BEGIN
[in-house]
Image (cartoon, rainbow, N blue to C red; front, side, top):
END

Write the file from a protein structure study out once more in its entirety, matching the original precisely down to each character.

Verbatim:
[in-house]
Image (cartoon, rainbow, N blue to C red; front, side, top):